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August 14, 2011

Shop Talk : The Meadows Golf Center and All American BBQ

The Meadows Golf Center and All American BBQ 42565 State Highway 28, Margaretville Owners: Russel Matson and Julie V. Hernandez Established: 2001 Employees: Five

Daily Star

---- — Shop Talk is a weekly column featuring locally owned and operated businesses. This week, we talk to Russel Matson, who owns and operates The Meadows Golf Center and All American BBQ with his wife, Julie Hernandez, in Margaretville.

How long have you lived in the area?

We purchased our Margaretville home in 2000.

Tell me about your business:

We're a family-friendly nine-hole golf course, with a practice range, a miniature golf course under construction and a Southern barbecue restaurant and caterer located on 25 valley acres fronting the East Branch of the Delaware River.

Describe a typical day in your business:

Barbecue is served on Saturday and Sunday. The alarm clock is set for 5 a.m.; I arrive at work by 6. I start a hardwood fire in our Lang Model 84 cooker smoker, then jump on our greens mower to begin cutting the greens. I return to the shop after cutting greens for holes 9, 8, 7, 6, and 1 to check on the fire and add more wood. I then cut the practice green and holes 2,3,4, and 5 before checking the fire again. I watch to see if the cooker has reached 190 degrees before adjusting the dampers and add wood as needed.

By 7:30, I jump on a golf cart to put the flags out on each putting green and on the practice green. I return to the barbecue commissary to prepare that day's meat. I do the butchering of our St. Louis cut rack of ribs, then dry-rub them before they go into cooker smoker. I've cooked my own barbecue sauces for 40 years and it will soon be in neighborhood supermarkets.

The rest of the day is spent cooking and serving barbecue, cleaning up, helping in the shop and on the driving range (giving lessons), fixing golf clubs, preparing food for party pickups and finally finishing up my day by sitting in our Cushman turf trickster picking up all of the golf balls hit onto the driving range. After that, I go home for a few hours of paperwork.

How did you get started in this line of work?

I learned to cook when I was 14 and my dad was hospitalized. Mom spent the dinner hours visiting with him; I liked to eat, so I cooked my own dinner and saved her a plate. Later on, when I was in college, I was elected the kitchen steward of my 50-member fraternity. This is where I got my first taste of quantity cookery including menu planning, ordering food, training cooks and dishwashers, and cooking dinners twice a week, a weekday dinner and a fancier Sunday dinner for members and their guests. My interest in golf started after I graduated from college and worked for a Japanese company where everybody played golf.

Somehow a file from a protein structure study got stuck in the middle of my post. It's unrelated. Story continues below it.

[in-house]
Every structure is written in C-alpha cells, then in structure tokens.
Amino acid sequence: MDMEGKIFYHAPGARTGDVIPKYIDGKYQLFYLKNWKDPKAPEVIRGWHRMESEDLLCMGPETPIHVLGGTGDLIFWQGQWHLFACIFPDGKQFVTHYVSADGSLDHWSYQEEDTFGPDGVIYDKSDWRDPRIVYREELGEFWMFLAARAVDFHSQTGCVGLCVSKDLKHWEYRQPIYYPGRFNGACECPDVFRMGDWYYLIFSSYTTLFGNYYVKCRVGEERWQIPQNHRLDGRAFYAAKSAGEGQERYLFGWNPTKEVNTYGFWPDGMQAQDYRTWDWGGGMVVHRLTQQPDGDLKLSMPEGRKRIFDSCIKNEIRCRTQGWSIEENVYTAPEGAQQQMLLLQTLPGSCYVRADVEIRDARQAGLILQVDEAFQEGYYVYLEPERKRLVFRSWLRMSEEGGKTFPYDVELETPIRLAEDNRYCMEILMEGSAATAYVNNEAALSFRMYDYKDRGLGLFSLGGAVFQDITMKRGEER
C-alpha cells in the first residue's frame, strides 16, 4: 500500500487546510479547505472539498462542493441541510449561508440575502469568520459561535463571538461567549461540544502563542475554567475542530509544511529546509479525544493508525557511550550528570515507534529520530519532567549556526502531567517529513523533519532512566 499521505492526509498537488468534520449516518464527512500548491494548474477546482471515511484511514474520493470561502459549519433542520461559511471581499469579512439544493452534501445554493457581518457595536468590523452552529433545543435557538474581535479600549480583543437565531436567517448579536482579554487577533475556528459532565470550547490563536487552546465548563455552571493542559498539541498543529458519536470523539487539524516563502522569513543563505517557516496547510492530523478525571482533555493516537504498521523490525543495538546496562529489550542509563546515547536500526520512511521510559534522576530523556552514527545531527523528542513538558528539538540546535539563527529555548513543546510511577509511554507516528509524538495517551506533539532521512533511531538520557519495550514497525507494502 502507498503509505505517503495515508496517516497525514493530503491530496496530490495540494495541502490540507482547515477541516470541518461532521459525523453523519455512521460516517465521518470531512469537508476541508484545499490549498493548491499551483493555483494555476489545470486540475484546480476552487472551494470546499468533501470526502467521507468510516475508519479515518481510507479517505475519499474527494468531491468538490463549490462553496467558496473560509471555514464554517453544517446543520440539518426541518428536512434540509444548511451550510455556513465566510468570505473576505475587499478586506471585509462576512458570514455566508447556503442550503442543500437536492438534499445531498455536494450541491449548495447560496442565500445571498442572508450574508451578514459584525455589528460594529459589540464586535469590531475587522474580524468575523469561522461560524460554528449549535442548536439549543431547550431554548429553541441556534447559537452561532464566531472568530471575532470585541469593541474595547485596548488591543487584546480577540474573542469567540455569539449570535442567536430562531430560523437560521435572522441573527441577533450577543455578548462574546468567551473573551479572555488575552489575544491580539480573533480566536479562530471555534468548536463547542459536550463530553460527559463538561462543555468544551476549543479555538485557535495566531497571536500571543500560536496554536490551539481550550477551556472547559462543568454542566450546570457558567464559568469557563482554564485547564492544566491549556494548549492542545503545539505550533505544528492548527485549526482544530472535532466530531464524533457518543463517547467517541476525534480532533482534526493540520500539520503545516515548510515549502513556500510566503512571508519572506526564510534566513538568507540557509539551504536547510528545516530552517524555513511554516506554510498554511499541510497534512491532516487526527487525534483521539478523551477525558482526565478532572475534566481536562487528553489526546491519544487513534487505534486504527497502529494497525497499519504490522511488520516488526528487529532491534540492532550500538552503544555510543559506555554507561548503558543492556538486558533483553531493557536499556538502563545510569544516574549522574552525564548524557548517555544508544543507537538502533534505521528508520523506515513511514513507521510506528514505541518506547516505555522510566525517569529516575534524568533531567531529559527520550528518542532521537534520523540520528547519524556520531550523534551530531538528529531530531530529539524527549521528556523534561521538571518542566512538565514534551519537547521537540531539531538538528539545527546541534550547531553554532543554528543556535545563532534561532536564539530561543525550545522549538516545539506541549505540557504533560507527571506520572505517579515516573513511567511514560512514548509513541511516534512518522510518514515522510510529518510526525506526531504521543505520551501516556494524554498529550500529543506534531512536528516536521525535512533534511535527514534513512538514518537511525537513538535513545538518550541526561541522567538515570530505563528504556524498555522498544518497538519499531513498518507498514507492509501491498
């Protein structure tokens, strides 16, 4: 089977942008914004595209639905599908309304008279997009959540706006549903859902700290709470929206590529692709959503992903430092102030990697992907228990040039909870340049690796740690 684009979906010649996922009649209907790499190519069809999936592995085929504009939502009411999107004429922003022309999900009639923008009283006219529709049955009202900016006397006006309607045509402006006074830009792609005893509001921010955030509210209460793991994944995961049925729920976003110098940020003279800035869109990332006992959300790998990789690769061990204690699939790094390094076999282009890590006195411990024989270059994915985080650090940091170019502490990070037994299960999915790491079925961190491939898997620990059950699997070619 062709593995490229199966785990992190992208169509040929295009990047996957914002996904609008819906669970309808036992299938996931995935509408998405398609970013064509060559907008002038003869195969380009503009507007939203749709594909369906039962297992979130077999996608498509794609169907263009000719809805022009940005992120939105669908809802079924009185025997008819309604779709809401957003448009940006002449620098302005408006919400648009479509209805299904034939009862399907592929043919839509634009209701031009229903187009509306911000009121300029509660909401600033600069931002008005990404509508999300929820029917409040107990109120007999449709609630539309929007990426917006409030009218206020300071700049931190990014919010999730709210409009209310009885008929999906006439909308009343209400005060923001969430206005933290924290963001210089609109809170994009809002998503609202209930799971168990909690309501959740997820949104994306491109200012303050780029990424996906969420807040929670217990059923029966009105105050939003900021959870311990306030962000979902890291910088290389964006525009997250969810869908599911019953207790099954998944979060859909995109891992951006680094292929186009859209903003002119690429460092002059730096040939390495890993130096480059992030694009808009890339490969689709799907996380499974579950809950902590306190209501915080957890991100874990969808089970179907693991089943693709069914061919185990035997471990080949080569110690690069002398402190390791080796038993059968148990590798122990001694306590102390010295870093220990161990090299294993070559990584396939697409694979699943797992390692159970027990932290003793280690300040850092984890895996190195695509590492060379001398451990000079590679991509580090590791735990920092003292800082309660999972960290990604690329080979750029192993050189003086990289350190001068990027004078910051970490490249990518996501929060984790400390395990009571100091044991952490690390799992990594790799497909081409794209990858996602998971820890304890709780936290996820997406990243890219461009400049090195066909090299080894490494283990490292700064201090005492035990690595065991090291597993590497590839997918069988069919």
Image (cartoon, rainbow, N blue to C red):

Where do you see this business in five years?

Our ultimate goal is to be declared the Delaware County Tourism Business of the Year. We might never attain it, but we want to work towards that goal by living by our motto "Where Golf is Fun for Everyone." Thanks to Gordie Faulkner from Stamford, we got our Junior Golf program under way this year. We want to expand our junior program exponentially, and we also want to serve the disabled communities. We want to become a premier golf-teaching facility. All American BBQ wants to be known as a top barbecue in New York and the northeastern United States. A guest spot on the Food Channel would be great also.

Describe a memorable moment in your workplace:

Getting a trophy for chicken at my first and only barbecue competition, the St. Raymond's "Grillin' on the Bay" in Sheepshead Bay, Brooklyn.

What have you learned from your work?

That it is best to always have a plan but expect that circumstances will always intervene to send those plans awry.

What is the most challenging part of what you do?

Managing and prioritizing my time. There always seems to be more things to do than time will allow.

The most enjoyable?

Putting a smile on people's faces, whether it is the taste of genuine barbecue, or offering a tip that helps a struggling golfer.

How do you define success for your business?

Success will be measured in the quality and quantities of memories of those whose lives we have touched.

What are some advantages as well as drawbacks of doing business in this area?

Our business taps disposable income _ something that many people just don't have a lot of these days. High unemployment and rising energy costs make it tougher to attract customers. Luckily, our area is relatively affordable, and our business in particular reaches out to the value-conscious consumer.

What sets you apart from your competitors?

We set the bar lower than most any other golf course. We are unpretentious and family-friendly. We allow "walkers" to enjoy the course along with their golf playing partners and we don't enforce too many rules. All American BBQ strives to serve a variety of meats and sides culled and reverse-engineered from our travels over the years. If it's cooked over flame, we want to taste it and be prepared to add it to our menu.

What advice would you give to someone trying to enter your field of work?

Be prepared for long hours _ not just the hours the business is open, but the hundreds of hours developing marketing plans and materials, and of course doing the more mundane bookkeeping and payroll. Make sure you have a passion for whatever field of work you intend to be in. Life is too short to spend time in the wrong job or career. These are the United States of America; you can grow up to be anything you like.

Shop Talk interviews are conducted by Terry Hannum. For information, call The Daily Star at 432-1000, ext. 217, or email